Tinnitus is a ringing, tinkling, buzzing, or other sound in the ear that occurs in the absence of an auditory stimulus. It may be constant or intermittent, of sudden or insidious onset. The exact cause is unknown and may be different in different cases, but there is good reason to believe that circulatory disturbances play a role. The perception of sound in the absence of stimulus implies a malfunction of the auditory nerve, just as paraesthesias by analogy imply a malfunction of the distal sensory nerves. The ear seems especially vulnerable to this due to the unique vascular system which supplies the organ of Corti, which itself is essentially a highly specialized network of sensory nerves. This involves a system of spiral capillaries with numerous pericytes to regulate blood flow, the purpose being to actually slow circulation through the ear and eliminate pulsations caused by the heartbeat. Normally, this ingenious design prevents the turbulence and pulsation otherwise inherent to the circulatory system from being registered by the ear, and thus interfering with normal hearing. However, it leaves the auditory organ especially vulnerable to ischemia, or anything that would disturb or further slow the circulation[i]. Tinnitus has been associated with nearby tumors (which can compress blood vessels), local inflammation (involving tissue swelling, which can do the same), underlying cardiovascular disease, and anemia, all of which have the common feature of potentially compromising the delivery of oxygen to the auditory system. There are also several ototoxic drugs which can cause tinnitus, most notably quinine and the salicylates, which in toxic amounts impair mitochondrial function and probably disable the ear from maintaining the correct ion gradients required for signal transduction in the cochlea. In cases of tinnitus which are not due to a tumor or exposure to ototoxic drugs, that is cases in which it is difficult to determine a precise etiology, the most rational approach to treatment should involve reducing inflammation, increasing circulation, and in general supporting the mitochondria and cardiovascular system.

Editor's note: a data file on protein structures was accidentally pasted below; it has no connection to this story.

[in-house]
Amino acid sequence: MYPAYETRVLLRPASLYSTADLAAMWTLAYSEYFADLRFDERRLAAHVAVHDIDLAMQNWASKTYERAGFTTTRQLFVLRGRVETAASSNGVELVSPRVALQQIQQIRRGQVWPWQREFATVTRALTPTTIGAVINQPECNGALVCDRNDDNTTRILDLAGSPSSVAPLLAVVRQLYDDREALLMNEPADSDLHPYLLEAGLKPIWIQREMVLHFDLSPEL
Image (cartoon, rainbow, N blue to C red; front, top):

China 30C – single homeopathic remedy indicated for the keynote symptom tinnitus after loss of blood or other vital fluids. The condition will likely be accompanied by at state of pronounced exhaustion or weakness.
Circulapar™ – glandular homeopathic for the circulatory system, indicated for symptoms of cold clammy feet, numbness of the limbs, painful calves upon walking, and numbness of the lower extremities.
Dizziness HP™ – high potency formula indicated for relief of dizziness and light-headedness. Vertigo and tinnitus often present as concomitant symptoms.
Otoflam HP™ – high potency formula indicated for relief of inflammation and pain in the ears.
Ototone™ – homeopathic tonifier for the ear, indicated for relief of mild earache with soreness, sticking pain in ear, and minor swelling of the ear with redness.
* Tinnitus HP™ – (will rename to Ring HP) high potency formula indicated for noises in the ear such as ringing, buzzing, or roaring.
Vertitone™ – homeopathic tonifier indicated for relief of dizziness and motion sickness with nausea. Vertigo and tinnitus often present as concomitant symptoms.
American Ginseng – single spagyric herbal, indicated to support vitality and red blood cell production if underlying anemia is suspected.
Circulacom™ – fortifier for the circulation, indicated to support the vascular system.
* Ginkgocom™ – fortifier for the microcirculatory and cardiovascular systems.
* Gotacom™ – fortifier for the brain and endocrine system, indicated to support the auditory nerve.
Inflammacom™ – (will rename Turmericom) fortifier for the immune system, indicated to address inflammation.
Myrrhcom™ –fortifier for the sinuses, indicated for inflammation especially in the head and neck.
Nettlecom™ – nutritive and fortifier for the blood, indicated as a blood builder if anemia is suspected.
* Arteriozyme – supplemental enzymes to support the circulatory system, indicated for tinnitus if underlying cardiovascular disease is suspected.
Methylfol – methylated B vitamins to support hematopoesis.
* Co Q-10 C or Co Q-10 30 mg or Co Q-10 Chew – Coenzyme Q-10 is critical to mitochondrial function, indicated to support cellular energy production and maintenance of ion gradients required for acoustic transduction.
Manganese Chelate – deficiency of this trace mineral is believed to be a potential cause of tinnitus.
Marine Omega 3 Pro™ – essential fatty acid supplement, indicated to address inflammation.
N-Acetyl Cysteine Plus– supports production of glutathione, indicated if exposure to ototoxic substances is suspected.
Physician’s Choice™ –full spectrum vitamin and mineral supplement to provide a balanced supply of essential nutrients.
There have been case reports of tinnitus resolving with chiropractic manipulation[ii]. This treatment avenue is definitely worth exploring.
An acoustic neuroma is a relatively common benign tumor of the auditory nerve which has been implicated in tinnitus. Unremitting tinnitus of insidious onset which does not respond to treatment may warrant imaging studies to rule out this cause.
[i] Shi X. Physiopathology of the cochlear microcirculation. Hear Res. 2011;282(1-2):10–24. doi:10.1016/j.heares.2011.08.006
[ii] Emary PC. Chiropractic management of a 40-year-old female patient with Ménière disease. J Chiropr Med. 2010;9(1):22–27. doi:10.1016/j.jcm.2009.12.007
*Denotes primary remedy.
**These statements are based upon traditional homeopathic practice.
**Claims based on traditional homeopathic practice, not accepted medical evidence. Not FDA evaluated.
These statements have not been evaluated by the Food and Drug Administration. These products are not intended to diagnose, treat, cure, or prevent any disease.